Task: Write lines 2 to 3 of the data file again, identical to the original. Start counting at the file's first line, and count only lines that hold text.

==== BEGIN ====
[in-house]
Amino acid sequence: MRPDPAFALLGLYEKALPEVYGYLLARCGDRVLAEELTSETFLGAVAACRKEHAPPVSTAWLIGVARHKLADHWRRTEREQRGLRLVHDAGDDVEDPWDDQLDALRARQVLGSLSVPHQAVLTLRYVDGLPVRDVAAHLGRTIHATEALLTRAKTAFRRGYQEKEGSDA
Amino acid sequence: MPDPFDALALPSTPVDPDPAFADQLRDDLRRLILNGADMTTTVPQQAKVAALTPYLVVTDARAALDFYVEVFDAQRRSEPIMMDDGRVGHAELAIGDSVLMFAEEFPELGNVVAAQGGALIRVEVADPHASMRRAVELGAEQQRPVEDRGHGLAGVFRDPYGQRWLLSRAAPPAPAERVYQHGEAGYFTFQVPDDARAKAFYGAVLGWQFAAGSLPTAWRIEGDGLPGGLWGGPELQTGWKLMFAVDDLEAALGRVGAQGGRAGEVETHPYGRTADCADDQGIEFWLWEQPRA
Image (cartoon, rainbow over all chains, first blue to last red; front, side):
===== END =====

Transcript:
Amino acid sequence: MRPDPAFALLGLYEKALPEVYGYLLARCGDRVLAEELTSETFLGAVAACRKEHAPPVSTAWLIGVARHKLADHWRRTEREQRGLRLVHDAGDDVEDPWDDQLDALRARQVLGSLSVPHQAVLTLRYVDGLPVRDVAAHLGRTIHATEALLTRAKTAFRRGYQEKEGSDA
Amino acid sequence: MPDPFDALALPSTPVDPDPAFADQLRDDLRRLILNGADMTTTVPQQAKVAALTPYLVVTDARAALDFYVEVFDAQRRSEPIMMDDGRVGHAELAIGDSVLMFAEEFPELGNVVAAQGGALIRVEVADPHASMRRAVELGAEQQRPVEDRGHGLAGVFRDPYGQRWLLSRAAPPAPAERVYQHGEAGYFTFQVPDDARAKAFYGAVLGWQFAAGSLPTAWRIEGDGLPGGLWGGPELQTGWKLMFAVDDLEAALGRVGAQGGRAGEVETHPYGRTADCADDQGIEFWLWEQPRA